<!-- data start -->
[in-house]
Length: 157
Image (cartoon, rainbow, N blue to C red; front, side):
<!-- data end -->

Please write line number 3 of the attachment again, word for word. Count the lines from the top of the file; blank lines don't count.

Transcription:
Image (cartoon, rainbow, N blue to C red; front, side):